Domestic violence in America is a huge problem. Thousands of people take legal action against their spouses or domestic partners every year because of abuse or violent treatment. Many more people simply keep quiet about the domestic abuse they receive, because of fear of more violence or fear of their spouse or domestic partner being put in jail. Whatever the motives behind the domestic violence, it is important to know what to do and who to contact.
- The National Resource Center on Domestic Violence provides technical training and assistance, as well as creating resources to help prevent domestic abuse. The NRCDV is based in Harrisburg, Pennsylvania. Hotline number: 1-800-537-2239end_of_the_skype_highlighting Website:http://www.nrcdv.org
- The National Coalition Against Domestic Violence is an organization that provides information on dealing with abuse, protecting yourself against abuse, and laws and policies on abuse. The NCADV has an office in Washington D.C., and its headquarters are in Denver, Colorado. NCADV number: 1-303-839-8459 Website: http://www.ncadv.org
- The Hotline is a domestic violence hotline for anyone in the U.S., and it offers confidential browsing of their website in order to ensure complete anonymity and safety. The Hotline is based in Austin, Texas. The Hotline number is: 1-800-799-SAFE (7233)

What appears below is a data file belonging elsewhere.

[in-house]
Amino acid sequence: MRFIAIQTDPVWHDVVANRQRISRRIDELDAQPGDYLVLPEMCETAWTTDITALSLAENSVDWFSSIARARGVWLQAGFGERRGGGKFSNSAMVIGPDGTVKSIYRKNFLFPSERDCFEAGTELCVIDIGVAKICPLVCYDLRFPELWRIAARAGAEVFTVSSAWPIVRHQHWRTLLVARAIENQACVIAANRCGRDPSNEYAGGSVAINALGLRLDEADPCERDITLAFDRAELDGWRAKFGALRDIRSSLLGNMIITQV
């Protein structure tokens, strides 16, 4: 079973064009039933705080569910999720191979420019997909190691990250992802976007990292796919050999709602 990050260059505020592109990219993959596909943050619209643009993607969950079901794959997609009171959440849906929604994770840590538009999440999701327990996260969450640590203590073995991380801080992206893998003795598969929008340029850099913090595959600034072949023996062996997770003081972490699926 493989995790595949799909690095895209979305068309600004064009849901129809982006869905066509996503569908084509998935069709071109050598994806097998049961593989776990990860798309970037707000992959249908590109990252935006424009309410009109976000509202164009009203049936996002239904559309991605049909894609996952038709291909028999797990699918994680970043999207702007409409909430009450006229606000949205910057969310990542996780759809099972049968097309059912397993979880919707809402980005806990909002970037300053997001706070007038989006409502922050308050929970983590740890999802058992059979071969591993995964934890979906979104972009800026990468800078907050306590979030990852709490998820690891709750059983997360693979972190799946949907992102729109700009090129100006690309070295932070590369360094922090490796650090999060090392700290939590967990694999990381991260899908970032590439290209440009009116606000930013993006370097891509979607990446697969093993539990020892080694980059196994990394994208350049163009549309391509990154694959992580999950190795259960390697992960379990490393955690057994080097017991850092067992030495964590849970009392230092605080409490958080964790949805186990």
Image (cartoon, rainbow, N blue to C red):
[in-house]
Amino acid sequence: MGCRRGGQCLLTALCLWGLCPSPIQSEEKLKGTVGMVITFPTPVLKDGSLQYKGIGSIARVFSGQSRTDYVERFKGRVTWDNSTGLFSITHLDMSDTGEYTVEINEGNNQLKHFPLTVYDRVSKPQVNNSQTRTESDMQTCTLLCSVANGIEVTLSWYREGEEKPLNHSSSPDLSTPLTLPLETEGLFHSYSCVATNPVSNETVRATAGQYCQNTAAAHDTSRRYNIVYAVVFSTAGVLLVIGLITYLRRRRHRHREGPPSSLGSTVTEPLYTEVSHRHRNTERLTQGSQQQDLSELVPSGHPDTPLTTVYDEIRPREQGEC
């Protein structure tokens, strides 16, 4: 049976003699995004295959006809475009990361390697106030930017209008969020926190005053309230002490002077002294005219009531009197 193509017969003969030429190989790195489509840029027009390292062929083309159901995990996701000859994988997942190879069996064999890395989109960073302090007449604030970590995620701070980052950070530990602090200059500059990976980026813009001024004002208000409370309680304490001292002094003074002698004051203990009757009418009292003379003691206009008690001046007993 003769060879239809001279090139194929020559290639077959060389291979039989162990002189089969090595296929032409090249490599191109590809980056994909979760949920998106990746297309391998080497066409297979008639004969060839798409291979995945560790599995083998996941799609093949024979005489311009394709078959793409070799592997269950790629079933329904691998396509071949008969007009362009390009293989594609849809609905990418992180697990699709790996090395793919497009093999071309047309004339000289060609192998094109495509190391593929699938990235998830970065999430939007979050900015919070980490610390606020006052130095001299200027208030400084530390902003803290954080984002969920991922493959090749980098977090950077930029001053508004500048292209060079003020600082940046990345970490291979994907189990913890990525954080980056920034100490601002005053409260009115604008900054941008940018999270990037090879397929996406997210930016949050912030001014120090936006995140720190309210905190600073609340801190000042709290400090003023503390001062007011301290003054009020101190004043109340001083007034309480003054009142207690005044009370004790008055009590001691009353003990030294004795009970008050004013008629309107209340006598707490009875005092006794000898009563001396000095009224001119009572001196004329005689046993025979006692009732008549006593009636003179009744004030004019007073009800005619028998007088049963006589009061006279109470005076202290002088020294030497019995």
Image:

- The National Center for Victims of Crime has a special part of its website dedicated to providing resources and information on victims of domestic abuse. It also provides a long list of many websites to visit and hotlines to call in case of abuse. Website: http://ncvc.org
This is only a small portion of the support that is offered on a nationwide basis. If you cannot find the help you need here, your local police station should be able to provide you with local support groups, hotlines, and websites that can provide you with information for your specific area.
Since the 1960s America has experienced a progressive movement toward equal treatment of women. This movement has led to reduced discrimination and improved recognition of the problem of domestic violence in America. This recognition led to the passage of the Violence Against Women Act in 1994, which was signed into law by Bill Clinton. As a result of this act and other efforts, the United States of American has a vast system of shelters, hotlines and legal assistance centers, especially for addressing the problem of domestic violence help for women.